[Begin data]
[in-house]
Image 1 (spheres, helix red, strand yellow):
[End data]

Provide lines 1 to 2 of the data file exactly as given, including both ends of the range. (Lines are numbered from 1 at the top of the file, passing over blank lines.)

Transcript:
[in-house]
Image 1 (spheres, helix red, strand yellow):